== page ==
Jan 2, 1977 – Dear Miriam and Jean: Hope you wont mind if I make one letter both of you. I have tried to make note of dates you wanted but not to proud that I do not have more information. Several years ago Helena was leaving for Japan with her son and family and being born in Canada needed certain information. Well I went to customs as I knew Dad had taken out U.S. papers but because I was born here, I couldn’t get any news. Helena later found the information she needed, but I never knew.

My Dad was a restless man, never stayed in one place long, that is how we went to Juneau, Alaska. He had several good jobs finally was back in Seattle. My brothers went in the army – the 14th Infantry – went to Fort Seward, Haines, Alaska, then shipped out to Camp Dodge, Iowa, where Loren died of the flu in 1918. George was assigned to bring Loren home and buried in Calvary Cemetery. That was our first hard blow to all of us.

I think a gentlemen called at house to trace Dad’s “tree” so Dad told ___ – The man was so elated to trace back to some King – Dad just smoked his pipe and said – I don’t think the Kings credit would be worth a dam at our grocery story. So you see there was not much history to look up. If I have not given the info – you would need – let me know.

I have not seen Helena for several years – guess she & Jim thought Gerry and I were a couple of Hillbillies for settling here but we are happy here and we think this mountain town is beautiful. Today we had a little snow and we hope for more. I know this letter is a “jumble” but chalk it up to old age. I am just over the effects of a Swine Flue shot, and believe me I would rather have the flu. Three weeks of pain and misery. Must ring off and hope you girls will have a very good 1977….

Love Rachel.

I was very excited to find this letter among the papers of my Aunt Miriam.  Rachel tells me so much I already had determined about Angus’s personality and more about her brother Lorne.  She was living in Darrington, Washington at the time she wrote this letter.  I actually went up to Darrington to see if I could find out more about them.  I walked the cemetery there but didn’t find their graves till later.   There is more in this letter that verifies for me the family history but because of living descendants I will hold off.   The city website of Darrington has some wonderful pictures:  http://town.darrington.wa.us/

Camp Dodge was in  Iowa http://www.iowanationalguard.com/Museum/IA_History/BuildingCampDodge.htm

Another challenge with Lorne was the spelling of his first name.  I now go with what was written on his tombstone and draft card.  On his draft card he wrote that his name is “Lorne Sanfield McDonald.”  Again we have the reference to the name “Sanfield.”  Ronald his cousin and Keith’s father was “Ronald Sanfield McDonald.”  Miriam wrote they were named after the Premier of Ontario.  I am still keeping an open mind on that topic.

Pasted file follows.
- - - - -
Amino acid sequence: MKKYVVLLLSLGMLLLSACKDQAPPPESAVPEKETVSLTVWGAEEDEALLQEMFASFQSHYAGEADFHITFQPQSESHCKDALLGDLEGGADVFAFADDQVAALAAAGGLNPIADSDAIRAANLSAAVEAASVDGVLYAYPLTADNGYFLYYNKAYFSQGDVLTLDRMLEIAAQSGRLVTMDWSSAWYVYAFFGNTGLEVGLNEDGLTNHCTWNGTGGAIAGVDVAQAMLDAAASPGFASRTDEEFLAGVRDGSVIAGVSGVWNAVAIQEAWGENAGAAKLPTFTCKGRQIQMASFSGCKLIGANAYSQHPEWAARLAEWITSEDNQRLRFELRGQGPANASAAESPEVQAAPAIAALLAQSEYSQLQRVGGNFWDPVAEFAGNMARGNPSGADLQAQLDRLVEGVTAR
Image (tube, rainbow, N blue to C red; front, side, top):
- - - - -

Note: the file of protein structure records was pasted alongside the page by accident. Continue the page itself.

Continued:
There is much more I could do on George and Lorne but as always time, money and focus can take you away.  I do know that they rest peacefully next to their parents in Calvary Cemetery in Seattle.

*World War I Music and Songs:  http://www.ww1photos.com/WW1MusicIndex.html


Life in Bemidji!

February 2, 2012

Archie’s sons decided that their parents were getting too old and brought them down from Chichester to Bemidji after 1901.  Why they went to Bemidji instead of going to International Falls may have had something to do with access.  It was not easy to get to International Falls back then.  Taking the train was a rather circuitous route to International Falls and it was probably not big enough yet in terms of population.  Koochiching County would not break off from Itasca till 1906.  So International Falls was lagging behind Bemidji by about 5-10 years in development.  It also might have had something to do with E.W. Backus, the lumber baron, establishing himself in International Falls. 

Bemidji was growing and logging was big by 1900, according to online histories.  Bemidji is in Beltrami County, Minnesota in the northwestern part of the state.  It is spread out around two large lakes:  Lake Bemidji and Lake Irving. If you are coming from International Falls you enter the city on Hwy 71 and make your way to the center of town.  I have visited Bemidji twice and did a little more exploring each time.

A main street in Bemidji a very charming town!

The Beltrami County Genweb has a nice listing for sites and places to research.  They haven’t finished some of their projects like  a cemetery listing so check back periodically. 

http://www.rootsweb.ancestry.com/~mnbeltra/

There were some interesting articles on the history of Bemidji around 1900 at this website, click on News Clips:

http://www.bemidjihistory.com/index.php

I visited Bemidji in 2000 and then I visited the Beltrami County Historical Society in 2000 and 2001:  http://www.beltramihistory.org/  They are located in the train depot that has been restored.   Very nice facility.  Always check hours before you visit.   They are at 130 Minnesota Ave. SW in Bemidji.  I found a very old city directory that featured my family.